That's very encouraging, Mark.  And I am impressed.  They (and the color) are very captivating.  I'll bet you sited them there specifically, so they would be clear of snow early, and have a long cold growing season.  Some of the best Snow trilliums (Trillium nivale) I've seen in the wild here grow on limestone jut outs on north east facing hills.  Snow melts there first, too.

In the last pic, are you showing/looking for seed pods?

Rick Rodich    zone 4a.    Annual precipitation ~24 inches
near Minneapolis, Minnesota, USA

Mark McD
Title: Moderator
Joined: 2009-12-14

RickR wrote:

That's very encouraging, Mark.  And I am impressed.  I'll bet you sited them there specifically, so they would be clear of snow early, and have a long cold growing season.  Some of the best Snow trilliums (Trillium nivale) I've seen in the wild here grow on limestone jut outs on north east facing hills.  Snow melts there first, too.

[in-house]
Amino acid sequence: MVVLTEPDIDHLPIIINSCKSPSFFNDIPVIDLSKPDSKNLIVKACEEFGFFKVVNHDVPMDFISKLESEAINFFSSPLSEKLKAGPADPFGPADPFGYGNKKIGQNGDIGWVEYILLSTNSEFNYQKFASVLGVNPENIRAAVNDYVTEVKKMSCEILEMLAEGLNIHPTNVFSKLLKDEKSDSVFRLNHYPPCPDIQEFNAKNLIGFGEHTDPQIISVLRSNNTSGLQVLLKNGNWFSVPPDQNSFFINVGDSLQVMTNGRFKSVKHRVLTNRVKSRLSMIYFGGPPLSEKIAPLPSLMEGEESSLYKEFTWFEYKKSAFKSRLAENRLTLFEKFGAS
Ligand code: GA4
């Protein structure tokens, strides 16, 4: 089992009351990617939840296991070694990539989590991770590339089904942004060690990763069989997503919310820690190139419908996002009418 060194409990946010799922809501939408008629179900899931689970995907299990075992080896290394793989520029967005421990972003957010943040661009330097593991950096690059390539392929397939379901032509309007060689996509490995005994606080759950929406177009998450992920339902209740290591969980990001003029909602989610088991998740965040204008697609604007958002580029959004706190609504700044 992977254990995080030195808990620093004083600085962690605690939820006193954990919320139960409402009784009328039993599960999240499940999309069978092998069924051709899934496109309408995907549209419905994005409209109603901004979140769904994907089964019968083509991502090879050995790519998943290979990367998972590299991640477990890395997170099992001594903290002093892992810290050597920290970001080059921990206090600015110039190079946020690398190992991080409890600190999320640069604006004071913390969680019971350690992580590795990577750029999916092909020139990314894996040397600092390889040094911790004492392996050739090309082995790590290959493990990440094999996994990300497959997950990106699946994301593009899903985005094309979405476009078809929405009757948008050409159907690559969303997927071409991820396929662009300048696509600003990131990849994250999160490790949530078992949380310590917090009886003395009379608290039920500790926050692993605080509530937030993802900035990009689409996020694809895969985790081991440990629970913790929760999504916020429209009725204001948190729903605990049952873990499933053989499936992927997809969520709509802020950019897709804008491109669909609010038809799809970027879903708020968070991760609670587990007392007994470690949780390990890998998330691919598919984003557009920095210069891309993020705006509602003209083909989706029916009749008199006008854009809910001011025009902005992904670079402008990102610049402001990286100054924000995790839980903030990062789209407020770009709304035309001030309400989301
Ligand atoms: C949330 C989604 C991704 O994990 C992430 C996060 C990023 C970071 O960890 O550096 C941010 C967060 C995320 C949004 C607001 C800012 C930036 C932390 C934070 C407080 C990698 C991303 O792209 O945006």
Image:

In the last pic, are you showing/looking for seed pods?

I never get seed on any of the autumn blooming Crocus, and I was looking for seed, and I kept looking for seed into the spring months, but in all these years, never found a single pod on C. sativus.  At long last, this spring I did find some pods on C. asumaniae, a heavily perfumed autumn species that is in bloom now, a species that can be used for saffron.

Mark McDonough
Massachusetts, USA, near the New Hampshire border USDA Zone 5
antennaria at aol.com
 

deesen
deesen's picture
Title: Guest
Joined: 2011-01-31

McDonough wrote:

................ never found a single pod on C. sativus...................